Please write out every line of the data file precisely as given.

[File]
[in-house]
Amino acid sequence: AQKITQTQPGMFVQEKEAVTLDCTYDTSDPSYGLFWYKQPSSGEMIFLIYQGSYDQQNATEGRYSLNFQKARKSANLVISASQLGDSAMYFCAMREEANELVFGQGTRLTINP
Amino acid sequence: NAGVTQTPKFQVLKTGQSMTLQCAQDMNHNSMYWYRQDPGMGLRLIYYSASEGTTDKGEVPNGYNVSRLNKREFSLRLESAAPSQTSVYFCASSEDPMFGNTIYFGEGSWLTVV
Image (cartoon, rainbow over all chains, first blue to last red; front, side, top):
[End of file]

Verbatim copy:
[in-house]
Amino acid sequence: AQKITQTQPGMFVQEKEAVTLDCTYDTSDPSYGLFWYKQPSSGEMIFLIYQGSYDQQNATEGRYSLNFQKARKSANLVISASQLGDSAMYFCAMREEANELVFGQGTRLTINP
Amino acid sequence: NAGVTQTPKFQVLKTGQSMTLQCAQDMNHNSMYWYRQDPGMGLRLIYYSASEGTTDKGEVPNGYNVSRLNKREFSLRLESAAPSQTSVYFCASSEDPMFGNTIYFGEGSWLTVV
Image (cartoon, rainbow over all chains, first blue to last red; front, side, top):